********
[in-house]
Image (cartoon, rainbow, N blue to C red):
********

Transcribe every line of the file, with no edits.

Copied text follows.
[in-house]
Image (cartoon, rainbow, N blue to C red):